The Terminal High Altitude Area Defense Weapon System is a key element of U.S. ballistic missile defense, providing the capability to intercept and destroy in-coming enemy missiles in both the endo- and exo-atmosphere.
A total of 12 launchers will be provided under the award. Six are for the Army's THAAD Battery 5. Batteries 1 and 2 will receive three launchers each.
Receipt of the additional launchers will bring each battery up to the six-launcher configuration requirement.
Two fire control units, communications systems and support equipment will be delivered by Lockheed Martin, which first received THAAD production orders for the Army's first two batteries in 2006 and subsequent batteries last year.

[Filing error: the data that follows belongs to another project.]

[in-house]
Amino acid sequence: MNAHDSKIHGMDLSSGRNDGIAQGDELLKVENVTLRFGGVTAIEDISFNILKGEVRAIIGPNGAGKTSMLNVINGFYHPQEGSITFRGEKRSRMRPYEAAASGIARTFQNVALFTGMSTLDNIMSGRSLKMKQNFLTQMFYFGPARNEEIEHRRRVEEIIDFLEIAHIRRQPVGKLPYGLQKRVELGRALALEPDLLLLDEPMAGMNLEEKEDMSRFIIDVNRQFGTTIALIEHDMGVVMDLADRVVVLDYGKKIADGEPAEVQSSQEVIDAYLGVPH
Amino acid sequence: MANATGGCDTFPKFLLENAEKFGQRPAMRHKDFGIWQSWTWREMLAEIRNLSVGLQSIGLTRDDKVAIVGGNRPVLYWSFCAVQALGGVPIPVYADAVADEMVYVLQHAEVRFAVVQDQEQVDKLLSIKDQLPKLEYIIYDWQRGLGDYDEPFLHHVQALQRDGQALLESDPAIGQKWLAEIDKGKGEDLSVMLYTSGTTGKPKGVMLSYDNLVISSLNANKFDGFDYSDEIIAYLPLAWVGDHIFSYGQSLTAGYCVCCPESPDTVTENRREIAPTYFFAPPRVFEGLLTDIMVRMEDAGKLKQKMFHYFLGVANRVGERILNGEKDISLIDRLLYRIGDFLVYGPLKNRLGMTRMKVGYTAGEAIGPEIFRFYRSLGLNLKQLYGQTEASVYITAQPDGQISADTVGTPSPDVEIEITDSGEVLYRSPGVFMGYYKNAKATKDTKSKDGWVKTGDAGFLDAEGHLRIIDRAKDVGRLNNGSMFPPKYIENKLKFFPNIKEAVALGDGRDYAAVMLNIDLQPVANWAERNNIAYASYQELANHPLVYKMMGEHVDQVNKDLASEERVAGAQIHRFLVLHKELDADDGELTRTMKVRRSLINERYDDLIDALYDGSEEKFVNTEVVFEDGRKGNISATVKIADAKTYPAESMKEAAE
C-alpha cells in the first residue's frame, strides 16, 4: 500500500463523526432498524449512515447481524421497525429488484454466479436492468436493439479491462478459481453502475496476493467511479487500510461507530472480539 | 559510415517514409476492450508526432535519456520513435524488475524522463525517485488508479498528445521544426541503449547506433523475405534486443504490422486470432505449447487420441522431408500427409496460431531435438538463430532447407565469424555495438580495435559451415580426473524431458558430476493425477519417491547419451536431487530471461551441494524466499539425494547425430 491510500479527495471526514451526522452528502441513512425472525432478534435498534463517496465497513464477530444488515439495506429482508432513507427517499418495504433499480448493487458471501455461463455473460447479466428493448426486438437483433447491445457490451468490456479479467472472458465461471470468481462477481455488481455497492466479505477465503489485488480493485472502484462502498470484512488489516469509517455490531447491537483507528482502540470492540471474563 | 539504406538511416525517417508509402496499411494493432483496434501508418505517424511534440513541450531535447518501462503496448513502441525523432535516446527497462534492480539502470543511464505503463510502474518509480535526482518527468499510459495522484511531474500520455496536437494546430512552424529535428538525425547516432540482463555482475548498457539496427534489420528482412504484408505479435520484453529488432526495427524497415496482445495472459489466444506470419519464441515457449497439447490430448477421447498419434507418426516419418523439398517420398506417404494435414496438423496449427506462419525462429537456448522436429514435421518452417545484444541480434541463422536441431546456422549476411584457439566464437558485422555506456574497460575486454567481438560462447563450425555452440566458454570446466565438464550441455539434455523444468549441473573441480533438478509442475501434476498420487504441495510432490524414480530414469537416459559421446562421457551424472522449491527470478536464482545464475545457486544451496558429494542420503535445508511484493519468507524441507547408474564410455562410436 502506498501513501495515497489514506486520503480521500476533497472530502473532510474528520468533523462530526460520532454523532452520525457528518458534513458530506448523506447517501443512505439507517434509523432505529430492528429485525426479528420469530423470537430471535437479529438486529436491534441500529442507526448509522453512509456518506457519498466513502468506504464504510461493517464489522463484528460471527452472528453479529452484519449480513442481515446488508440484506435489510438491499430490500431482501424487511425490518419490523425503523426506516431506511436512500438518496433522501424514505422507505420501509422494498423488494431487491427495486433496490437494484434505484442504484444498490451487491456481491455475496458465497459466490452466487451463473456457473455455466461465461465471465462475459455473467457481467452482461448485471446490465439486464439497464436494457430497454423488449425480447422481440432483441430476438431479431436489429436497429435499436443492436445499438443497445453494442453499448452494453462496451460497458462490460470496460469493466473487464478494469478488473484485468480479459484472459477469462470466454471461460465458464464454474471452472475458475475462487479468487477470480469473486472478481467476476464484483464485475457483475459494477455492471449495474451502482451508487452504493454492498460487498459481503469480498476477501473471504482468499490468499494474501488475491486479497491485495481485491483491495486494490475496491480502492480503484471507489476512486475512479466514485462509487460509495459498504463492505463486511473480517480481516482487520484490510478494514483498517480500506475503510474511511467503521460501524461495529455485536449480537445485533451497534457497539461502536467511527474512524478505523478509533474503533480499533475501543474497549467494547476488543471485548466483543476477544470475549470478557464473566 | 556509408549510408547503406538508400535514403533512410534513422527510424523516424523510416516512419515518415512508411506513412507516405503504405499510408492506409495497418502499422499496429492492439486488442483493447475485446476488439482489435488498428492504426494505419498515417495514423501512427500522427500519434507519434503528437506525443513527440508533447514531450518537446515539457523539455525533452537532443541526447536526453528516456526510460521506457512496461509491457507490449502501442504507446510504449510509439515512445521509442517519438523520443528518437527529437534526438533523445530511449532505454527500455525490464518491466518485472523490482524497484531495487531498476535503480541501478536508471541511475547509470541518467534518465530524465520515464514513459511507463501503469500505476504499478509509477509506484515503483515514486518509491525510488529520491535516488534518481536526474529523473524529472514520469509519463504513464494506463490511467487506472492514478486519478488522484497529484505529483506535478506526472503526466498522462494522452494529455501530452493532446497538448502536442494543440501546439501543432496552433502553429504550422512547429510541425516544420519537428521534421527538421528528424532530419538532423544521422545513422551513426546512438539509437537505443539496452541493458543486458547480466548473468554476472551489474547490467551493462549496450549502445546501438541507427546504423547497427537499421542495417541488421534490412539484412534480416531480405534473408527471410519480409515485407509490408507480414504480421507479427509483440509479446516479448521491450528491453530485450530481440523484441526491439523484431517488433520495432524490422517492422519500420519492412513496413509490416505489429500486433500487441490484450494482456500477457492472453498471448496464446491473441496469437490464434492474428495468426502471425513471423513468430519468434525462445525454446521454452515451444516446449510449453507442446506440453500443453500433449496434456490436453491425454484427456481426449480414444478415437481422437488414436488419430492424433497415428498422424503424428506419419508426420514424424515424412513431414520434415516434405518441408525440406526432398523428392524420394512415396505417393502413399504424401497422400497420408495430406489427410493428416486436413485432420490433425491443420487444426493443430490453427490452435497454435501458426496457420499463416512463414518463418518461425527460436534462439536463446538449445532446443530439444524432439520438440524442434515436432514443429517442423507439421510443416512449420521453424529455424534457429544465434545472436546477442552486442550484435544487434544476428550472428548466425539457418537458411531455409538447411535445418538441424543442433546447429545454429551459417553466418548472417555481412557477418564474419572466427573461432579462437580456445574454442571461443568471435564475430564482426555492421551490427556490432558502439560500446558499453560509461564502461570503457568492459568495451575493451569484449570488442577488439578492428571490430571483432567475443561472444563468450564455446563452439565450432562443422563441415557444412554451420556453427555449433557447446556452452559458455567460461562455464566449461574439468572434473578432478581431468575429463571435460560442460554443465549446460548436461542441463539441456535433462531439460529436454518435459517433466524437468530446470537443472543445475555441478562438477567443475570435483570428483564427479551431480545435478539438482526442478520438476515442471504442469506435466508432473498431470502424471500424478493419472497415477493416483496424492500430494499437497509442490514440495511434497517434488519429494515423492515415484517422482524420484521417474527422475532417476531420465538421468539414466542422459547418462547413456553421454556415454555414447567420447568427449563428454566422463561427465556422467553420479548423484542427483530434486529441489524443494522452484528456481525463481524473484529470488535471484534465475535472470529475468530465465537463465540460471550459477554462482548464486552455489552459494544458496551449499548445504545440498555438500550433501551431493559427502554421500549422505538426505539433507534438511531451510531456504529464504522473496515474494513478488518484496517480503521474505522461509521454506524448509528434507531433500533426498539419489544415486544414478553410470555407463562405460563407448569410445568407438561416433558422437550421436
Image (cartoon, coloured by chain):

"THAAD brings advanced hit-to-kill technology to the warfighter combined with ease of operation designed into the system," said Mat Joyce, Lockheed Martin's vice president and program manager for the THAAD Weapon System.
"Our focus remains squarely on program execution so we can meet the delivery needs of our U.S. Army customer."
Lockheed Martin said assembly, integration and testing of production equipment will take place at its facility in Camden, Ark., and that delivery of equipment for Battery 5 will be completed by 2015.
THAAD is a program of the Missile Defense Agency. Its missiles have completed 12 flight tests since 2005 and achieved nine-for-nine missile intercepts.
Aaron Carter is still in love with Hilary Duff
Millions of Getty images now available for free via embed tool